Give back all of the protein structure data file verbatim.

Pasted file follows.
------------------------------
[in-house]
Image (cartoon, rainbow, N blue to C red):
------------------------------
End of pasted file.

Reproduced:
[in-house]
Image (cartoon, rainbow, N blue to C red):